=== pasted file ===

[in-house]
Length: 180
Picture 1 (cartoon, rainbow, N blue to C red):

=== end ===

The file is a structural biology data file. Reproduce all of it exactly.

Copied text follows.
[in-house]
Length: 180
Picture 1 (cartoon, rainbow, N blue to C red):